Reports of disrespectful and abusive care at Warrior Transition Units have emerged, but the Army's surgeon general said Friday that the Army has gotten out in front of the media reports, and that investigations show the problem is not systemic.
News outlets in Dallas reported in November that hundreds of soldiers had suffered a pattern of "disrespect, harassment and belittlement of soldiers" at WTUs at Fort Bliss, Fort Hood, and Fort Sam Houston in Texas.This comes on the heels of another incident at a medical facility (not a WTU) at Fort Carson, Colorado, that had led to discipline against a physician and a social worker for actions dating to early 2014.
Lt. Gen. Patricia Horoho, the Army surgeon general, affirmed that while even one case of abuse isn't tolerable, most of the complaints turned out not to be medical care-related and about 24 cases of harassment have been dealt with. And she said the reports documented issues that the Army already uncovered itself.
"They weren't concerns that an outside source came to us and said do you realize you have these problems," Horoho said at a round-table update on her command for members of the media at the Pentagon on Friday. "We have eight different avenues (for) our warriors and their family members to have their voices heard. When those concerns come up, each of them is looked at and then we take appropriate action."
She cited high patient satisfaction rates with both WTUs and behavioral health in general, and the reports themselves noted that many soldiers expressed such sentiments.
The Army now has 24 WTUs in the U.S. and one in Germany, facilities designed for wounded or ill soldiers who need complex care and at least six months of rehabilitation. That number has been decreasing and will decline further, Horoho said. The WTUs now They currently house about 4,000 soldiers, down from a peak of 11,000 at the height of wars in Afghanistan and Iraq.
"I think you will probably see a decrease in the number of Warrior Transition Units, with always having the caveat of needing expandability," Horoho said. "Because it's a concept we are going to keep, so should we find ourselves in another conflict, we're going to need to be able to expand."
She talked about the overall benefit of the WTUs, which she said have cared for taken in 66,000 soldiers since 2007 and managed to put 45 percent back on active duty, which she said represents huge retention of savings in knowledge and talent.
While there will be further downsizing, she said the population in WTUs would probably level off around 3,800. Although because while 75-80 percent of soldiers in WTUs have deployed, the injuries and illnesses don't always come from battle, she said.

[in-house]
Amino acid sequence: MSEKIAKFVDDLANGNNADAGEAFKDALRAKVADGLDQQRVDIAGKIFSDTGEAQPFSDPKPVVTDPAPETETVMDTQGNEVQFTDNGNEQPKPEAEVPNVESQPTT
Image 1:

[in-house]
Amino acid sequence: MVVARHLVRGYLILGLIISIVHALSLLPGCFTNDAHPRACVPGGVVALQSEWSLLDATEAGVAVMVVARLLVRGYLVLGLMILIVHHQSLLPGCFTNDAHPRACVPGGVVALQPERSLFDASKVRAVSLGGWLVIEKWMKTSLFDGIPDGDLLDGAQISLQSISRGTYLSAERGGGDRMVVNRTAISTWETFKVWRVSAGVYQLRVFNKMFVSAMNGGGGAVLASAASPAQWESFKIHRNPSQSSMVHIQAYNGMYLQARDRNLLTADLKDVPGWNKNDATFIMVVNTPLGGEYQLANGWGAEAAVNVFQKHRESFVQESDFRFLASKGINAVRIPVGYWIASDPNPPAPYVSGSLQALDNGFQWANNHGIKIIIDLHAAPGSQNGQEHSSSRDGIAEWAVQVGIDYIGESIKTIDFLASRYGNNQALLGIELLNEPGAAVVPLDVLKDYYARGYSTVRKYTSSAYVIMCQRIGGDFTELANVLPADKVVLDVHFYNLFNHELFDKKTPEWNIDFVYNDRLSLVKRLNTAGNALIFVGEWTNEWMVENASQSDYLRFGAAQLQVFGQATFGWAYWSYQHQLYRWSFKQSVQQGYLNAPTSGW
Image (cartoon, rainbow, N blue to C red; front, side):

WTUs represent a major learning experience from recent wars, and that includes care in the realm of behavioral health and mental health issues such as post traumatic stresslike PTSD. Horoho said that a combination of increased awareness and availability combined with decreased stigma had increased outpatient behavioral health visits from one million in 2007 to two million visits last year, while decreasing costlier inpatient behavioral health admissions.
She also emphasized continued to promote the Performance Triad initiative, which stresses good diet, exercise and sleep to improve overall health.
Sleep in particular has been a focus of her; she says calls reversing the decline in sleep hours, both for soldiers and civilians, the most important thing the nation can do from a health perspective. The steady decline in average sleep time over the last two decades has been linked tied by research, she said, to everything from cognitive impairment (and therefore, combat readiness) to increased obesity rates.
She admits that soldiers at first expressed skepticism about the emphasis on sleep, but that some snark at the emphasis, but said that skepticism has waned.
"Now we've got leaders, one of the generals told his soldiers, sleep is like bullets for your brain. You never go to battle with an empty magazine," she said. "If you get six hours of sleep or less six days in a row, or go 24 hours without sleep, you have 20 percent cognitive impairment, and you are operating as if you had a .08 BAC [blood alcohol content]. We would never let a soldier in our formation intoxicated."
The Army said in a press release that in a six-month pilot program of the Performance Triad, that 64 percent of soldiers already met activity goals before starting the Triad program. Only five percent met sleep and nutrition standards.
The Army improvements include the healthfulness of food offered to soldiers, and embedding has improved the its offerings in food, she said, adding that it has also embedded trainers in units, reducing orthopedic injury rates.